Vatican diplomat recalled from US during child-porn investigation

Vatican City — A member of the Vatican diplomatic corps serving in Washington has been recalled to the Vatican where he is involved in a criminal investigation involving child pornography, the Vatican said.

The Vatican press office said Sept. 15 that it was notified Aug. 21 by the U.S. State Department "of a possible violation of laws relating to child pornography images by a member of the diplomatic corps of the Holy See accredited to Washington."

"The Holy See, following the practice of sovereign states, recalled the priest in question, who is currently in Vatican City," the press office said.

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The Associated Press reported that the State Department confirmed it had asked the Vatican to lift the official's diplomatic immunity. It said that request was denied.

The Vatican said the priest's identity and other details are covered by "investigative confidentiality" during the preliminary investigation stage. The Vatican yearbook lists the nuncio, Archbishop Christoph Pierre, and three priests as making up the diplomatic staff at the Washington nunciature.

After receiving the notification from the State Department, the Vatican said, "the Secretariat of State transmitted this information to the promoter of justice of the Vatican tribunal." The promoter of justice is the Vatican's chief prosecutor.

"The promoter of justice opened an investigation and has already commenced international collaboration to obtain elements relative to the case," the Vatican said. 

Update added 10:42 a.m. CDT.

After the Vatican announcement was released, the U.S. bishops conference issued a statement.

“This is a serious issue. We hope the Holy See will be forthcoming with more details,” said a written statement from Cardinal Daniel N. DiNardo of Galveston-Houston, the president of the U.S. Conference of Catholic Bishops.

“While we don’t know all the facts, consistent with our Charter, we reaffirm that when such allegations occur, an immediate, thorough, and transparent investigation should begin in cooperation with law enforcement and immediate steps be taken to protect children,” DiNardo’s statement said.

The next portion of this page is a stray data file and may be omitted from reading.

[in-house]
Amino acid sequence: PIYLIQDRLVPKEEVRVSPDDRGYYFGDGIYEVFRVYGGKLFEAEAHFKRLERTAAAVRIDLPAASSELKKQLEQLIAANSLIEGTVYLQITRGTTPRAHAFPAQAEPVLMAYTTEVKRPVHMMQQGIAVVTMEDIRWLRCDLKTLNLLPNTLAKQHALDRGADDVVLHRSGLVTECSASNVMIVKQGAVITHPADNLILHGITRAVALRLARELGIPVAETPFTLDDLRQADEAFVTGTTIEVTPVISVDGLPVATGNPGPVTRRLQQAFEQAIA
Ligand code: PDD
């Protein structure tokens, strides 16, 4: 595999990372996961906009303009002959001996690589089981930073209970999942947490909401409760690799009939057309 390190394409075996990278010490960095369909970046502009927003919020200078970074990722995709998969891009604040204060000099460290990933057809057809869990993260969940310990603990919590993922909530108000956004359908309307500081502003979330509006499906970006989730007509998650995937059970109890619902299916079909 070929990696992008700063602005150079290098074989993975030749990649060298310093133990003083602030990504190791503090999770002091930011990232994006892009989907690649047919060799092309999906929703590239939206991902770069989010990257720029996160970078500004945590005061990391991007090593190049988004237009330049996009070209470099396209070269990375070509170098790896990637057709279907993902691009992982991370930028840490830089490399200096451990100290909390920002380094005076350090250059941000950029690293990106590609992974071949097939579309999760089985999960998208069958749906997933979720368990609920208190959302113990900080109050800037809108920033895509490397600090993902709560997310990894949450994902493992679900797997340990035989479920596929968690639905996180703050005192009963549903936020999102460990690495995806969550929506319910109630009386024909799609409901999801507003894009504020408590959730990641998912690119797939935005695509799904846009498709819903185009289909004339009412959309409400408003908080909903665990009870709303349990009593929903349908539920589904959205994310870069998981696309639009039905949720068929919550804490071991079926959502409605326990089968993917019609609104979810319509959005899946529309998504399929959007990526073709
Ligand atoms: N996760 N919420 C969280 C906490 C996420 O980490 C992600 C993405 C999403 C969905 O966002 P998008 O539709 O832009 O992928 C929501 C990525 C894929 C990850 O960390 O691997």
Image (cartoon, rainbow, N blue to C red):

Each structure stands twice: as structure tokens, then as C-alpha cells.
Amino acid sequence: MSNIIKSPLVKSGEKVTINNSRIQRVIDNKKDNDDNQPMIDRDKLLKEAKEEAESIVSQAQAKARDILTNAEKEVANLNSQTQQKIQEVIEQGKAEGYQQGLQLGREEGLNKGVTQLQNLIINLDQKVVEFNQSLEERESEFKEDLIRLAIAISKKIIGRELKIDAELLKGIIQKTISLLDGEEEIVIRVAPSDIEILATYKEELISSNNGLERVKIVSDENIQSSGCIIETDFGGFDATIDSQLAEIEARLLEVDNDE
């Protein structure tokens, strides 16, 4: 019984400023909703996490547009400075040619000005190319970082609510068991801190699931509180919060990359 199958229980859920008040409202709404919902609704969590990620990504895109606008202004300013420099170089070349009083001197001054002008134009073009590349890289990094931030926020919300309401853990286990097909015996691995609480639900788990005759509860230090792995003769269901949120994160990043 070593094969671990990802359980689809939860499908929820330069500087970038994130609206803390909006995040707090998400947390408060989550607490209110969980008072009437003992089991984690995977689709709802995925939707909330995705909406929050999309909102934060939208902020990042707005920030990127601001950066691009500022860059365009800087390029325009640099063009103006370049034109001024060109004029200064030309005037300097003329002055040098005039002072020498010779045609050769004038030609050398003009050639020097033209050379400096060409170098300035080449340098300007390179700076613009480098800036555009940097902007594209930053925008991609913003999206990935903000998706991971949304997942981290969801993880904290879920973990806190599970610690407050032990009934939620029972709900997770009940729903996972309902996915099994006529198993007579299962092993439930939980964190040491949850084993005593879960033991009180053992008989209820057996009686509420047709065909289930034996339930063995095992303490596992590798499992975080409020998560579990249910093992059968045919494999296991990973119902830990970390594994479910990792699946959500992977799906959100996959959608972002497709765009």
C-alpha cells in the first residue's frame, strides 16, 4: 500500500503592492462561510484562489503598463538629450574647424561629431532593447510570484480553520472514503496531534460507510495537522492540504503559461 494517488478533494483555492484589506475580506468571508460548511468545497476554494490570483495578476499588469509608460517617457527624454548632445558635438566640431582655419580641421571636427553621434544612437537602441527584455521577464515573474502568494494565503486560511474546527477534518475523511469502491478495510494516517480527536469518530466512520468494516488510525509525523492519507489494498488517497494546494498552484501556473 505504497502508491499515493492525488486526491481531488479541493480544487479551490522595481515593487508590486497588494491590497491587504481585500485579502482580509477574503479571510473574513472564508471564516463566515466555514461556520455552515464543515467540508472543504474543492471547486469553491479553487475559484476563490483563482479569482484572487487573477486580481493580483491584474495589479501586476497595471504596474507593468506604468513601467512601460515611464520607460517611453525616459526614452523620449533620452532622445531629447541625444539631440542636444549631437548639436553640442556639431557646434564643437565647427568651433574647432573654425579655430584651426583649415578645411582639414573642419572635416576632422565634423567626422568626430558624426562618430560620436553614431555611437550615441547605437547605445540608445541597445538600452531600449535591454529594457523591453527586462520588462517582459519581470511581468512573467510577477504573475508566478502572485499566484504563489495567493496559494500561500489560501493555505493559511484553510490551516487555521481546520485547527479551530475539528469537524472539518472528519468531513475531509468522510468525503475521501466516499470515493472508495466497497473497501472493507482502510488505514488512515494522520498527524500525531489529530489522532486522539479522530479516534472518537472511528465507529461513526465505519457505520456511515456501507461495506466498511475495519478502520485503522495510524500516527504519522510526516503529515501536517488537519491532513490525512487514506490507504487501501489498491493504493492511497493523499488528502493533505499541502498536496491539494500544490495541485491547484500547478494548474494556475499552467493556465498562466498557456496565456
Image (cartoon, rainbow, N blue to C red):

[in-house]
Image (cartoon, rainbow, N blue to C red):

The formal name for the Charter is the Charter for the Protection of Children and Young People, commonly called the Dallas Charter. It is the set of guidelines and standards that are to govern the U.S. church’s response to the clergy sexual abuse crisis.

“The protection of children and young people is our most sacred responsibility,” DiNardo’s statement said.

Update added 2:44 p.m. CDT.

The 1961 Vienna Convention on Diplomatic Relations, signed by most nations of the world, including the United States and the Holy See, stipulates that diplomatic personnel "shall not be liable to any form of arrest or detention" in the host country. The host country may, however, ask the sending country to waive immunity or the sending country, in this case, the Vatican, may choose to recall the diplomat and proceed with a criminal investigation and possible prosecution of its own.

Greg Burke, director of the Vatican press office, said the Vatican's current investigation is concentrated on matters defined as "crimes against children" in the 2013 "Supplementary Norms on Criminal Law Matters."

Specifically, he said, the investigation is referring to what Vatican law defines as "child pornography," which "means any representation, by whatever means, of a minor engaged in real or simulated explicit sexual activities as well as any representation of the sexual parts of a minor for primarily sexual purposes."

Burke also referred reporters to section 10 of the supplementary norms, which discuss criminal penalties for a person found guilty of producing or selling and trading child pornography; in those cases, Vatican law foresees a maximum of 12 years imprisonment and a fine of up to 250,000 euros ($299,000).

When Pope Francis updated Vatican City law in 2013, he specified that it applied to Vatican employees serving abroad, including Vatican diplomats stationed around the world in nunciatures.

Any charges or penalties arising from a Vatican City criminal investigation are in addition to the universally applicable canon law, norms and sanctions for priests accused of child sexual abuse or possession of child pornography. The Congregation for the Doctrine of the Faith investigates those charges and the canonical penalties include the possibility of the priest being expelled from the priesthood.

Similar procedures were followed when then-Archbishop Jozef Wesolowski, a Pole who served as nuncio to the Dominican Republic, was accused of child sexual abuse in 2013. Recalled to the Vatican, the canonical court dismissed him from the clerical state; at that point, the then-papal spokesman, Jesuit Fr. Federico Lombardi, said he no longer had diplomatic immunity and could possibly be extradited to the Dominican Republic to face charges there.

In the end, the Vatican City tribunal conducted its own criminal investigation. Confined to Vatican property, Wesolowski's trial was scheduled to begin in July 2015, but he ended up in the hospital the day before the trial was to open. He died in August 2015 without having appeared before the court.


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